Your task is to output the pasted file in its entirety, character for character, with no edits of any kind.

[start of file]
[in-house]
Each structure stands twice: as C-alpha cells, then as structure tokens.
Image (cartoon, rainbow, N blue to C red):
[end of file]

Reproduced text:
[in-house]
Each structure stands twice: as C-alpha cells, then as structure tokens.
Image (cartoon, rainbow, N blue to C red):